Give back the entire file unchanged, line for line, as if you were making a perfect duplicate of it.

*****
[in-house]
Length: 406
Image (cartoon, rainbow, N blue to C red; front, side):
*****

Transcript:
[in-house]
Length: 406
Image (cartoon, rainbow, N blue to C red; front, side):